Business, Energy, West Virginia Legislature

House of Delegates considers bill to create Coalfields Energy Research and Economic Development Authority

MORGANTOWN — A bill to create a new state agency designed to promote energy development projects in the coalfields is on its way to the House floor after clearing the Government Organization Committee Monday afternoon.

The West Virginia Coal Association did not lend its support to the bill.

HB 3130 creates the Coalfields Energy Research and Economic Development Authority.

The bill establishes the authority as a public corporation charged with an array of goals, including:

  • Promote and develop the state’s energy workforce and energy technology research;
  • Promote and develop energy projects, storage and manufacturing;
  • Work with industries, other agencies and nonprofit partners to advance energy projects, storage and manufacturing.

The authority will function under a five-member board: four appointed by the governor, one by the Economic Development secretary. It can apply for and award grants, enter into contracts and receive grants and donations of money and property.

The authority may not own or become a market participant in any commercial energy facility or manufacturing related to its work.

The bill defines coalfields broadly: any county that historically had mining within its boundaries; has benefited or is benefiting from mining; has had economic activity “ancillary or related to” mining; or has been or will be significantly affected by mining.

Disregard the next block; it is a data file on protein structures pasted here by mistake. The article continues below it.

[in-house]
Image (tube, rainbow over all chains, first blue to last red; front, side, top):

Committee counsel said that effectively takes in the whole state.

Coal Association President Chris Hamilton said, “This is not legislation that we are supporting this session.” He doesn’t know of any project in the coalfields that needs it and the association was not involved in drafting it.

Hamilton took a question from Delegate Tom Fast, R-Fayette, who asked if the association believes the authority should be empowered to buy land.

Hamilton said they would probably frown on that because there has been concern expressed about land being bought up by outside companies to use for carbon credits and block any useful development.

Fast agreed, mentioning a state timberland purchase designed to prevent logging on the land. He didn’t want the state to be in a position to outbid private developers.

Fast proposed an amendment to the bill forbidding it from buying land, which the committee adopted.

The bill previously was considered and approved by the Energy Committee. Monday’s voice vote in Gov Org was not unanimous, with several voting against it.

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